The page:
Colonial Galle

One day in 1985 I opened a box of cereal and shoved my hand down to the bottom, fishing for the exciting prize promised on the label.  Out of the plastic wrapper emerged a shiny gold coin with a fancy lion and curly cues that I could not register as language. It was from the realm of Sri Lanka, mysterious and exotic. Even at six, I didn’t need much inspiration to travel. So like those great explorers before me (i.e. Carmen Sandiego and the Fraggle Uncle Traveling Matt), I, too, would discover the world and go to Sri Lanka!

That coin promised a foreign and confusing land. But our first stop in Sri Lanka is a very soft landing in colonial Galle, which is exceedingly familiar. Here we have Sri Lanka light. The elements are there (Buddhas, string hoppers, curly cue writing) but Galle is a relic of Dutch and British rule, reimagined into stylish guesthouses and restaurants.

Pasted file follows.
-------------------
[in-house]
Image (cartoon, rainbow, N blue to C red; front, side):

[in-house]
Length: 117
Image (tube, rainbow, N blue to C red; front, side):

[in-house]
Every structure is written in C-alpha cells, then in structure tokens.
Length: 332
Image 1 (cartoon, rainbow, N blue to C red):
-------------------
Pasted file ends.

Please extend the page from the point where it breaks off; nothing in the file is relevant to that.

The tiny fort area, protected by ramparts on all sides, is a paradise for strolling and admiring the beautifully renovated buildings (a third of which are foreign owned). We enjoyed our first forays into Sri Lankan curries on deep balconies overlooking quiet streets. One could get used to this European/Asian hybrid, which is why, I suppose, so many travelers are tempted to buy a crumbling building and stay. Galle is the “Under the Tuscan Sun” of the Indian Ocean.

This small city is clearly charming, but does it feel like Sri Lanka? I have no idea. I don’t have an unfiltered, uncolonized, Sri Lanka to compare it to. We could be tempted to stay, but the curly cue coin that spurred this adventure hinted at something different. We are going to have to break the bubble, to move on and keep exploring.

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